Posted on 4 June 2015
Public History placement, 2014/5
My name is Dan Morgan, I am an MA in Medieval Studies student from the University of York, and over the last couple of months I have been on placement within the learning and development department at the National Railway Museum (NRM). As of March 2015, the York Theatre Royal closed its doors for vital repairs and building work, and has moved down the road to the NRM, where it will be in residence for an entire year!
I have been in the very fortunate position of observing this exciting and trailblazing collaboration between the museum and the theatre. Over the last few months I have been thinking about the question:
What is the positive impact to museum visitors in combining the skills of museum staff with those of a producing theatre through creative collaboration?
This has been a very much ongoing placement, with new things happening all the time, but I am hoping the output of my placement will be a report that will: form part of the documentation recording the collaboration, help and inform how the NRM talks about the collaboration within the sector, and help to shape the ongoing relationship between York Theatre Royal and NRM. The highlight of the placement will be the performance of In Fog and Falling Snow, a play based upon nineteenth century railway financier George Hudson, set to open on 26 June 2015, and The Railway Children production, opening 31 July 2015.
Here is a link to the website and details of what's happening over the summer at the Museum: http://www.nrm.org.uk/PlanaVisit/Events/theatre-royal-home.aspx.I think a really interesting thing that I have discovered on my placement is that theatres and museums actually share a great deal in common, since they both act as storytellers, and they both equally hold stories of human activity showing us ourselves in different contexts, by holding up the mirror to what we have done, or may do.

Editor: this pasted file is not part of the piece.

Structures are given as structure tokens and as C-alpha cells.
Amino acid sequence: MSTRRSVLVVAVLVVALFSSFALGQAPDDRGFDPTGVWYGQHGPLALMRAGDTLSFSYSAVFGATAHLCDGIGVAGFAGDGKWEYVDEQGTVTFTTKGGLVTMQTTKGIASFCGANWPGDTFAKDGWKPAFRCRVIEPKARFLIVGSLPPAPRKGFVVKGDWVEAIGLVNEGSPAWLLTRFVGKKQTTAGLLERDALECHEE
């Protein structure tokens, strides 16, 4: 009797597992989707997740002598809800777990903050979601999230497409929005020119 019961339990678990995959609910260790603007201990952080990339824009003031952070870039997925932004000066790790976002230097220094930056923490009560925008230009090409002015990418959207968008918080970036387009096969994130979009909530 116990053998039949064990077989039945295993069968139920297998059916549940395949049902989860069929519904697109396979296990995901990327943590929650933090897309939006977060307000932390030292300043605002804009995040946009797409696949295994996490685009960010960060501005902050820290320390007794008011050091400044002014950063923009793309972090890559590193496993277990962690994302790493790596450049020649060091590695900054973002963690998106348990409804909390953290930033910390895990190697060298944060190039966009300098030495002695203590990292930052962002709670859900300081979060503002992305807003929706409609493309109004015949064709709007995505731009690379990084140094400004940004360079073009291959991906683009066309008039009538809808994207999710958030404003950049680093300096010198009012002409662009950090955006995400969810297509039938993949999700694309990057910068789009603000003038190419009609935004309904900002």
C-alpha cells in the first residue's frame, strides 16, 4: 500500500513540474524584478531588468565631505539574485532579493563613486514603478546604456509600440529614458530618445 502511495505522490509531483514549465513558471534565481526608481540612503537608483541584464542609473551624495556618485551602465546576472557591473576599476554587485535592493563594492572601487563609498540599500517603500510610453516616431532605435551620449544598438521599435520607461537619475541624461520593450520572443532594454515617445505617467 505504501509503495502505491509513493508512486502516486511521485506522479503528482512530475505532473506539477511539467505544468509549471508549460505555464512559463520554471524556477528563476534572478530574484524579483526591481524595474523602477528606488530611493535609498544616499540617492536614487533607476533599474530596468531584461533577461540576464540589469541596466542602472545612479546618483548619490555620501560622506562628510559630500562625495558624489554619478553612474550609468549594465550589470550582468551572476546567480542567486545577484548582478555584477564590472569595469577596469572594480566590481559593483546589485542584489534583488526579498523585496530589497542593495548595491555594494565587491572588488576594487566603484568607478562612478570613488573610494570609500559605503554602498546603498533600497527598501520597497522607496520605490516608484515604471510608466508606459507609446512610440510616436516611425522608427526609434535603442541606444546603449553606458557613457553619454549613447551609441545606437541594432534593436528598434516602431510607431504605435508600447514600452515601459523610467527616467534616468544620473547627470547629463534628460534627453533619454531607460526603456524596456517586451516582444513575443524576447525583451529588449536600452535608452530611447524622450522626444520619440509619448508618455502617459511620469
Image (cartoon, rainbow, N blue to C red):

It was also interesting to understand the point of view from the side of the theatre, rather than just to focusing on how a museum perceives the collaboration, which I had been doing, in terms of possible fears and anxieties, and in discovering the differences and challenges they both faced.
I have therefore looked in detail about what the theatre may receive in terms of skill-sharing. Although it is very much the theatre moving into the museum, and arguably more about the knowledge and specialist skills the theatre can bring to the museum - such as the lighting and sound technicians, the writers, and artistic direction - there is also a great deal that the theatre may take from the collaboration. As an example, thinking about how the theatre might go on to develop its own in-house exhibitions, delivering tours and other events not directly linked to the production of theatre.
Museum theatre is already fast becoming an exciting and increasingly widespread concept, both with professional theatre companies, and in the museum and heritage arena, as it strives to push and explore the boundaries of what can be achieved. As I continue to observe this collaboration, and in the run-up towards the performances in summer, I feel I am witnessing a truly landmark moment in public history.
I highly recommend that you get along to the National Railway Museum this summer, it’s a really interesting and exciting time for museum and theatre alike.
Photos courtesy of Christopher Jones